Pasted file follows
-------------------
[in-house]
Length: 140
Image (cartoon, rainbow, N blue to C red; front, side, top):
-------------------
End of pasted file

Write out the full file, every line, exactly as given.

[in-house]
Length: 140
Image (cartoon, rainbow, N blue to C red; front, side, top):